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Fuel Your Workouts

Here's what to eat and drink before, during, and after your workout to optimize performance and boost your immune system.

What you put into your body before and after a workout may be as important as the kind of exercise you do. Research has shown that if you're not properly fueled, vigorous exercise can compromise your immune system rather than boost it—by breaking down muscles instead of building them up and by depleting your body of essential nutrients. Here's a simple plan to optimize your performance.

Before You Exercise: Power Up

What to eat

To avoid cramps or nausea, have your last full meal three to four hours before exercising. Then, an hour before you work out, eat a small snack—100 to 200 calories—that's predominantly carbohydrates. Carbs are key, says Wendy Bazilian, Dr.P.H., R.D., coauthor of The SuperFoodsRx Diet, because "they go into the bloodstream faster than protein or fat." Good choices: half a banana, a handful of grapes, a piece of toast with some jam.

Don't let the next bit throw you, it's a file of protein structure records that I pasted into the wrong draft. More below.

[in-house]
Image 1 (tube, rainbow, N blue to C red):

What to drink

To ward off dehydration, drink 8 to 16 ounces of water within an hour of working out.

During Your Workout: Avoid a Crash

What to eat

Exercising for an hour or less? You probably don't need to eat during your workout—you have enough glucose in your blood and glycogen stored in your muscles, says Christine Gerbstadt, M.D., R.D., spokesperson for the American Dietetic Association. A boost if you need one: a 100-calorie, high-carb snack, such as half an energy bar.

What to drink

Bazilian recommends 6 to 8 ounces of water for every 15 minutes of exercise. If you end up exercising more than an hour, try downing a sports drink such as Gatorade or Powerade.

After You Exercise: Build Muscle

What to eat

Your post-workout snack (100 to 150 calories) should include protein for muscle repair and recovery. Jackie Buell, Ph.D., R.D., director of sports nutrition at Ohio State University, says the recommended ratio of carbohydrates to protein is about 3 to 1. Some good after-workout snacks: low-fat yogurt with fresh fruit, apple slices with low-fat peanut butter, or half a turkey sandwich on whole-wheat bread.

What to drink

Start with 16 to 24 ounces of water. "You want to be rehydrated within an hour," says Gerbstadt.

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